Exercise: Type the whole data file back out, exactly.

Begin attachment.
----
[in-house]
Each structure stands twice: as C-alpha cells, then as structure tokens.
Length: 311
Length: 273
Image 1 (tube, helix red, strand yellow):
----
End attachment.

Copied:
[in-house]
Each structure stands twice: as C-alpha cells, then as structure tokens.
Length: 311
Length: 273
Image 1 (tube, helix red, strand yellow):